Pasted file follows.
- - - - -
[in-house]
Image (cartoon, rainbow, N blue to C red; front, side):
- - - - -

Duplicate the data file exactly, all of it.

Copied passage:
[in-house]
Image (cartoon, rainbow, N blue to C red; front, side):